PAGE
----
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Frequency when tension is increased

  1. Jun 3, 2009 #1
    1. The problem statement, all variables and given/known data

    Two strings are adjusted to vibrate at exactly 228.0 Hz. Then the tension in one string is increased slightly. Afterward, 3.00 beats per second are heard when the strings vibrate at the same time. What is the new frequency of the string that was tightened?

    2. Relevant equations

    F=[tex]\frac{1}{2L}[/tex] [tex]\sqrt{\frac{T}{\mu}}[/tex]

    3. The attempt at a solution

    so i know that there is direct correlation between Tension and frequency so if tension increases then so does frequency but i'm confused abt the beats per second thing (i thought that was another way of saying Hz).. and also i have no idea how to mathematically start solving this question..pls. help
  2. jcsd
  3. Jun 3, 2009 #2


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    With beats, there are 2 possible solutions. Tension is increased so they want the answer higher than the reference tone.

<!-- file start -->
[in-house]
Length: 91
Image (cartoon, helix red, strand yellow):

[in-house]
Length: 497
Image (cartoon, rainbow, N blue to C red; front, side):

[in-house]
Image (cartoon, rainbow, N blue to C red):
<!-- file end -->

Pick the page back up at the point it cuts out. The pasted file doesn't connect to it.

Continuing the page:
When the frequencies of 2 nearly identical tones are beating, ...

    http://en.wikipedia.org/wiki/Beat_(acoustics [Broken])
    Last edited by a moderator: May 4, 2017
  4. Jun 3, 2009 #3
    i got the answer but i was wondering something when i tried to rearrange the equation
    fbeats= lf1-f2l the lines to show magnitude only when i tried to rearrange it for f2 i got fbeats-f1 which gave me a negative answer but when i simply added the f1 to fbeats i got the right answer ..did i do something wrong when isolating for f2??
  5. Jun 3, 2009 #4


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    Not really, as far as I am concerned, so long as you understand how the equation is put together.

    Since for positive numbers |A - B| = |B - A|

    You know the difference is 3 from the problem.

    You know the original reference 228 is less than the increased tension brother.

    So what you are dealing with is F - 228 = 3 right?
  6. Jun 3, 2009 #5
    but how can we determine which frequency to use by just looking @ the question?? by this i mean how do we know that the frequency we are trying to find is larger or smaller than the frequency given??
  7. Jun 3, 2009 #6


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    The frequency then will necessarily be greater.
  8. Jun 3, 2009 #7
    so if the tension had been reduced then the frequency would be less than the original one .. correct?
  9. Jun 4, 2009 #8


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